Please use this identifier to cite or link to this item:
Title: Some Thoughts on the Principle of Effective Nationality and Citizenship Through Investment Programs
Authors: Kayalı, Didem
Keywords: Citizenship
Exclusive jurisdiction
Citizenship by investment
Principle of effective nationality
Nottebohm case
Issue Date: 2023
Publisher: Istanbul Univ
Abstract: The concept of citizenship refers to the legal bond between a state and individuals who constitute one of the essential elements (i.e., the population) of each state. Thus, each state has exclusive jurisdiction to determine who will be its nationals. On the other hand, this authority is acknowledged to not be unlimited, because states are the primary subjects of international law, and the status of citizenship as given by a state also leads to some important consequences in international law. Therefore, state-made citizenship regulations will be accepted by other states as long as they are consistent with international conventions, customary international law, and the generally recognized principles of law with regard to nationality. Granting citizenship through citizenship-by-investment programs is also under the exclusive jurisdiction of states. However, are other states obliged to recognize this citizenship? According to which principles should an evaluation in this regard be made? Should the effective nationality principle emphasized in the Nottebohm case (ICJ 1, 1955) be considered in this sense? This article seeks answers to these questions, for which it examines the concept of nationality in the context of general theory of state and international law, analyzes the important aspects of the Nottebohm case, explains the general aspects of naturalization, and evaluates citizenship-by-investment programs in different countries. The essence of the relationship between a state and its citizens is seen to remain the same, although the number of international migrants and multiple citizenship cases have increased alongside the impact of globalization. Therefore, granting citizenship only in exchange for money without a genuine link between the individual and the state does not conform with the meaning of nationality in the context of the general theory of state and has the potential to create problems in the context of international law.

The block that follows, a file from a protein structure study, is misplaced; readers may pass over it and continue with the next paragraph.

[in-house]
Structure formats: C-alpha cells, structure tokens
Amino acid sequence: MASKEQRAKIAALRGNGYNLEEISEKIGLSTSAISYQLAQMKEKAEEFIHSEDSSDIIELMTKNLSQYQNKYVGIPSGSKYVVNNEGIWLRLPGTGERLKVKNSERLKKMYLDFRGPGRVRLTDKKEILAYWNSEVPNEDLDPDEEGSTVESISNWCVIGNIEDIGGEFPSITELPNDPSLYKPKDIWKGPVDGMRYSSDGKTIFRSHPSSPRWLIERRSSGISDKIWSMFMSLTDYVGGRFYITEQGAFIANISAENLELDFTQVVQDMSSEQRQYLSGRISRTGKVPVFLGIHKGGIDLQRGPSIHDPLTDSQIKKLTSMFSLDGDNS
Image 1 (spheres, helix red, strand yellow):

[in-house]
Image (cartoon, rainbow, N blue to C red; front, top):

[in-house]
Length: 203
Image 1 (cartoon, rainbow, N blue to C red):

Description: Article; Early Access
ISSN: 2651-5377
Appears in Collections:WoS İndeksli Yayınlar Koleksiyonu / WoS Indexed Publications Collection

Show full item record

CORE Recommender

Page view(s)

checked on Feb 19, 2024

Google ScholarTM



Items in GCRIS Repository are protected by copyright, with all rights reserved, unless otherwise indicated.